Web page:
For example, to determine the cumulative hazard until age 5, hj was summated from the age of 0 until 5 with the negative result of the summation exponentiated (note: Sj = 1 when j = 0). Next, the hazard (hj) was multiplied by the survival probability at age j − 1 (fj = hj[Sj−1]), representing the age-specific incidence at age j. Finally, cumulative incidence was calculated as the summation of the age-specific incidences from age 0 to age j (Fj = Σfj).
The cumulative incidence of epilepsy does not reflect the competing risk of death prominent in the elderly where epilepsy incidence is most increased. Instead, deaths are considered to be equivalent to withdrawals with the same assumed but unassessed future risk of epilepsy as subjects who are censored alive.
Unlike cumulative incidence, the LR adjusts for the competing risk of death by considering deaths and incident epilepsy as events. That is, people who die are considered to have zero risk for developing epilepsy. To calculate LR, the variable hj* represented the adjusted hazard, computed as the deaths plus cases (ej*) divided by Rj (hj* = ej*/Rj). The adjusted hazard was used to calculate the adjusted survival probability, Uj* (Uj* = exp[−1* Σ(hj*)]). The variable fj* was calculated by multiplying the original hazard (hj) by Uj*−1, the age-specific incidence adjusted for the competing risk of death (fj* = hj[Uj*−1]). This permitted calculation of LR, a summation of the age-specific incidences from age 0 to age j adjusted for the competing risk of death (Fj* = Σfj*).
Incident epilepsy was diagnosed in 412 individuals between January 1, 1960, and December 31, 1979; 60.2% had partial seizures. Median age was 25.9 years with 26.9% ≥60 years at diagnosis and 49.3% were female. The number of cases increased between 1960 and 1969 and 1970–1979, representing a trajectory of growth and aging of the population. There were 465,698 person-years of exposure in 1960–1969 and 556,316 in 1970–1979 with a total of 3,885 deaths, 1,737 in 1960–1969, and 2,148 in 1970–1979. In 1970, life expectancy was 69.4 years for men and 76.8 years for women in Minnesota.10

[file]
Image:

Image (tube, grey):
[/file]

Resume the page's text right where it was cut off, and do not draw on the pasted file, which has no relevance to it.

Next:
The cumulative incidence was 0.9% to age 20, 1.7% to age 50, and 3.4% to age 80 (figure 1A). The LR was 0.9% to age 20, 1.6% to age 50, and 3.0% to age 80. The curves begin to noticeably diverge at age 70 years when mortality begins to increase, demonstrating that cumulative incidence overestimates LR when the competing risk of mortality becomes large. Relative to LR, cumulative incidence was 6.6% higher at age 70–74 and 17.8% higher at age 80–84. These trends were observed for men and for women (figure 1, B and C) and by epilepsy etiology, with the greatest difference observed for progressive symptomatic epilepsy where incidence increases most dramatically in the elderly (table e-1 and figures e-1, e-2, and e-3 on the Neurology® Web site at www.neurology.org).
Remaining LR sets the risk at 0 for the beginning age or age group, whereas LR considers the risk from age 0 onward. To highlight the impact of increasing mortality on differences between cumulative incidence and remaining LR for epilepsy, we examined these measures in the elderly overall and by gender by 5-year age groups (table 1). With increasing mortality from age 70–74 years onward, remaining LR becomes lower than cumulative incidence.
We also examined the remaining LR over a 40-year period, beginning at different ages (table 2). For a 20-year-old without epilepsy, the LR for epilepsy is 0.23% over the next 5 years, 0.6% over the next 10 years, and 1.06% over the next 40 years or until age 60 years. In contrast, for a 50-year-old without epilepsy, the LR for epilepsy is 0.15% over the next 5 years, 0.71% over the next 20 years, and 2.58% over the next 40 years or until age 90 years.
The LR of epilepsy was 3.5% through 97 years of age during 1960–1969 vs 4.2% during 1970–1979.
Applying age- and gender-specific LR estimates to the July 2007 US population (301,139,947) 11,744,457 individuals (3.9%) will ultimately develop epilepsy in their lifetime.
Based upon the LR calculations in this population-based study, 1 in 26 people will develop epilepsy during their lifetime. Men have a higher risk of developing epilepsy (1 of every 21 males) than women (1 of every 28 females). This approach is more accurate than cumulative incidence, and it is better comprehended by most people who are accustomed to similar statistics provided for cancer.